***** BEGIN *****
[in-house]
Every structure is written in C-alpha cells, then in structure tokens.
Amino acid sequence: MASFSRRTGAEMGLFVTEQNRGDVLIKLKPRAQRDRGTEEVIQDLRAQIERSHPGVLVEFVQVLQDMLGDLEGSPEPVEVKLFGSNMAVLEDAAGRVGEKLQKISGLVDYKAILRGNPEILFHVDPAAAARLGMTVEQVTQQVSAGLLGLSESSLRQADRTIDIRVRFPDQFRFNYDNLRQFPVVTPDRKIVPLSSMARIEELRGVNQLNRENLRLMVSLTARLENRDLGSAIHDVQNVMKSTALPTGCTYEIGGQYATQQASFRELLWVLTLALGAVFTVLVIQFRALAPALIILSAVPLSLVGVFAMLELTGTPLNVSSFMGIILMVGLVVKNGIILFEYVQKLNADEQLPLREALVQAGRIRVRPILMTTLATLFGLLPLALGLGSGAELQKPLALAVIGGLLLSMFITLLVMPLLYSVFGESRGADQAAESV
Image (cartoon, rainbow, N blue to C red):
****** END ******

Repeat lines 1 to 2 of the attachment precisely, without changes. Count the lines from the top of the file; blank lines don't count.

[in-house]
Every structure is written in C-alpha cells, then in structure tokens.